Ric Miller – head of the Corporate Strategies team, specialists in negotiating Time-to-Pay arrangements (TTP) with HMRC – was a panellist at a recent virtual round table discussion for professional advisers hosted by Leonard Curtis Business Solutions Group and attended by Metro Mayor of Greater Manchester, Andy Burnham.

Ric and his team speak to HMRC every day on behalf of clients who find themselves in some sort of financial distress. He discussed how he’s finding working with HMRC during the Covid-19 crisis, the most frequent issues and questions that are arising, and the impact it’s having on small businesses. He also provided guidance on navigating the situation and the support available to help SMEs get through to the other side of the crisis and beyond.

“We’ve got lots of experience in delaying enforcement action to the point where we can actually put some robust proposals forward,” said Ric. “It’s why clients and their accountants come to us for advice.

A more relaxed HMRC

“We’re finding that HMRC is taking a much more relaxed stance and, on the whole, they’re being really helpful and accommodating – they just ask that we keep them informed and updated.

We’re talking to them often as we always have done and pretty much all enforcement action – in terms of taking control of goods, distraint or winding up proceedings – is on hold, unless there’s any associated criminal or fraudulent activity. This is partly due to political pressure but also as a result of their own resource constraints because they are working from home too.

Managing new and historic debt

“This is good news for all businesses with debt – whether that’s historic or incurred during this crisis. Many of our clients have a combination of both.

“We have clients currently in TTPs with debt dating back 12 months, and we make sure we check in with them regularly, to make sure that they’re surviving. We’re also in ongoing dialogue with HMRC where there are problems, reaffirming the message that there will be a delay in getting a payment across to them and that they’re getting the necessary specialist support from us to resolve it.

Securing the best possible solutions

“We’re also finding that HMRC is willing to vary agreements for those of our clients with existing arrangements. We’ve had success with securing payment holidays – we’ve pushed it as long as three months with a view to HMRC agreeing to renegotiate at a later date if necessary. Likewise, we’ve been able to build in additional debt if required. We’re also supporting many clients and their accountants with their applications for the government’s Job Retention Scheme, which was launched a few weeks ago.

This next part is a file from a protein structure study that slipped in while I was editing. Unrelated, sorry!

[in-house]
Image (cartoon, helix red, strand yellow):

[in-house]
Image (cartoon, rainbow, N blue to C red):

A look to the future

“We also need to ensure that our clients are planning for the future to gauge – when we’re out of the other side of this and ‘normality’ resumes to whatever extent – how fit their businesses are going to be. Will they be able to defer the next quarter’s VAT? Will they be able to take on the previous costs that they had to be able to continue to trade or will they maybe have to restructure and downsize a little?

“As it currently stands, the VAT debt that falls between 20th March and 30th June 2020 must be paid by 31st March 2021. The process is automatic, clients don’t have to apply for it. So, it’s a given that if debt hasn’t been paid in that due period – or if their direct debit wasn’t collected – then the business gets automatic approval for the VAT deferral scheme.

“My gut feel is that then, once we come out of this situation, those companies that have had to take advantage of this scheme may need to apply for longer-term TTP arrangements – maybe greater than the usual 12-month maximum period. It feels like this will be a necessity for many businesses, particularly those that we tend to come across.  My feeling is that HMRC will have to continue to take a supportive stance with those businesses that need some breathing space in order to avoid insolvency.

Reducing overheads

“Whenever the current restrictions start to be lifted, businesses will have to adjust to a new norm and may find themselves overstaffed for the new level of activity. Business owners can sometimes find themselves in an impossible position of having too high a wage bill but having insufficient cash to cover the cost of redundancies. If this is the case, at Corporate Strategies we can help clients to apply for financial assistance through the government’s RPO Loan Scheme.

 “With its main objectives being job preservation and insolvency avoidance, this is a possible route for those companies that are experiencing financial difficulties and need to make a number of staff redundant.

“It’s effectively an unsecured, interest-free loan written to the company when all other avenues – markets, brokers and banks – have been exhausted and there’s nothing left out there for them. No personal guarantees are required by directors and the process is pretty clean in that once the application has been made and approved, all payments go direct to the employees themselves as opposed to the company.

“This redundancy loan scheme isn’t widely known, and eligibility criteria are strict. So, before actually engaging with the Redundancy Payment Service, we would first sit down with clients to ensure they meet it.

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